Eisai is dedicated to discovering, developing and producing innovative oncology therapies that can make a difference and impact the lives of patients and their families. This passion for people is part of Eisai's human health care (hhc) mission, which strives for better understanding of the needs of patients and their families to increase the benefits health care provides.

Notes to Editors  

Halaven(R) (eribulin)  

Eribulin is the first in the halichondrin class of microtubule dynamics inhibitors with a novel mechanism of action. Structurally eribulin is a simplified and synthetically produced version of halichondrin B, a natural product isolated from the marine sponge Halichondria okadai. Eribulin is believed to work by inhibiting the growth phase of microtubule dynamics which prevents cell division.

Global Phase III Clinical Study 305 (EMBRACE)[3]

EMBRACE (Eisai Metastatic Breast Cancer Study Assessing Treatment of Physician's Choice (TPC) versus eribulin E7389) was an open-label, randomised, global, multi-centre, parallel two-arm study designed to compare overall survival in women treated with eribulin versus a TPC arm. TPC was defined as any single-agent chemotherapy, hormonal treatment or biologic therapy approved for the treatment of cancer; or palliative treatment or radiotherapy administered according to local practice. The study included 762 participants with metastatic breast cancer who previously had been treated with at least two and a maximum of five prior chemotherapies, including an anthracycline and a taxane. The vast majority (96%) of participants in the TPC arm received chemotherapy.

In the total phase III EMBRACE study population, eribulin was shown to prolong median overall survival in heavily pre-treated women with metastatic breast cancer compared to women receiving TPC by 2.7 months (13.2 vs 10.5 HR 0.81 (95% CI 0.67, 0.96) nominal p=0.014). A pre-planned analysis of participants from Region 1 of the study (North America/Western Europe/Australia) showed a significant median overall survival benefit of eribulin over TPC of 3.0 months (nominal p=0.031).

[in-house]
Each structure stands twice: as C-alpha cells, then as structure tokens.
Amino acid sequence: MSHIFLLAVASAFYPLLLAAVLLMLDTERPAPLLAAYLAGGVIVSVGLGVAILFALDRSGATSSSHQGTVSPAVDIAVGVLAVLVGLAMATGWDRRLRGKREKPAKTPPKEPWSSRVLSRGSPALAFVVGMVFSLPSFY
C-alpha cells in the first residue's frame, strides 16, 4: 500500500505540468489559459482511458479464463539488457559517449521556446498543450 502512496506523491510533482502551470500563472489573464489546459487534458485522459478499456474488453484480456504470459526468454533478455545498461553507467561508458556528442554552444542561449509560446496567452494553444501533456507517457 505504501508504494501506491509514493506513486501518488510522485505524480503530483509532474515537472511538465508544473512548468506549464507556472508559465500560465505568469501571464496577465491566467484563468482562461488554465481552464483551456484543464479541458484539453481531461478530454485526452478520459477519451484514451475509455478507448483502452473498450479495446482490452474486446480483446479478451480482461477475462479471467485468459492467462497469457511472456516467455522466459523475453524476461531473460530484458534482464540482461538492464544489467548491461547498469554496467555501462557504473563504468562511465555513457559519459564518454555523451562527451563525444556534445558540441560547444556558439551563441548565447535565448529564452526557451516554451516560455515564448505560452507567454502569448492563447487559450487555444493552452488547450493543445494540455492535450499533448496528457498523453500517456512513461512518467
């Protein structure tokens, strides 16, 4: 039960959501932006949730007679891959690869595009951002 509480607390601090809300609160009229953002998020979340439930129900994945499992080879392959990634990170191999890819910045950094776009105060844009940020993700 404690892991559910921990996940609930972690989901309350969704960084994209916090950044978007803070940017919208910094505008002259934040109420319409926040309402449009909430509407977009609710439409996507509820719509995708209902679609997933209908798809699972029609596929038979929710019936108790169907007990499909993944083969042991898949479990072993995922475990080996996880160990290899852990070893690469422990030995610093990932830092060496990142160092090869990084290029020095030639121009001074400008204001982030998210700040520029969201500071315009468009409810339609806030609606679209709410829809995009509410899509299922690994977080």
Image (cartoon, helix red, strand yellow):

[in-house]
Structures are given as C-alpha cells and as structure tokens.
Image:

The most commonly reported adverse reactions among people treated with eribulin in the EMBRACE study were fatigue (asthenia), a decrease in infection-fighting white blood cells (neutropenia), hair loss (alopecia), numbness and tingling in arms and legs (peripheral neuropathy), nausea and constipation. Peripheral neuropathy was the most common adverse event leading to discontinuation from eribulin, occurring in less than 5% of the women involved in the EMBRACE trial. Neutropenia only led to eribulin discontinuation for 0.6%. Death due to serious side effects, discontinuation and dose interruptions to treatment were lower in the eribulin arm of the trial compared with the TPC arm.

Global Phase III Study 301[4]

Study 301 was an open-labelled, randomised, two-parallel-arm, multicentre study of eribulin versus capecitabine in 1,102 women with locally advanced or metastatic breast cancer previously treated with anthracyclines and taxanes, either in the (neo) adjuvant setting or for locally advanced or metastatic disease. Women in the study received zero to two previous chemotherapies for advanced disease.